“What they don’t have is size. It’s the weakest group of big men they’ve had since they brought in Garnett and Ray Allen to go with Pierce. Jermaine O’Neal has a long history of not being able to stay healthy. And Chris Wilcox is an athletic big man but doesn’t have the low-post skills you’d like to have coming off the bench. That might be an issue. Brandon Bass is height deficient like Big Baby [Glen Davis] was. That’s really going to be a problem for them. Really, the bench is OK. The problem is the age of the players that are going to define the team.”

Read More: Danny Ainge, David West, Ian Thomsen, Kevin Garnett
Ian Thomsen: After C’s moves, ‘not sure who they are now’ 02.25.11 at 1:56 pm ET
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Sports Illustrated senior writer Ian Thomsen joined the midday show Friday with guest hosts John Rooke and Kirk Minihane to talk about the Celtics’ moves this week, mainly the trade that sent Kendrick Perkins and Nate Robinson to the Thunder for Jeff Green and Nenad Krstic.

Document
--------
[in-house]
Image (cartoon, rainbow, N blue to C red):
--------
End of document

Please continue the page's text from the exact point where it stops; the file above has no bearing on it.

Thomsen said the Celtics forged an identity this season as a big physical team, following their NBA finals loss to the Lakers last June. Now, the identity has changed.

“First of all, I was just wondering who the Celtics are now?” Thomsen said of his initial reaction to the trade. “Before they signed [Shaquille O'Neal] last summer, I was wondering who they were. Because they were outrebounded in the finals, the Lakers front line looked too big for them, even when Perkins was playing. But then when they got Shaq, and you thought about Shaq and Perkins as the front line, now you thought that they were going to have an edge to them, they were going to be able to play down low, they’d always have a big man in there, for 48 minutes, potentially.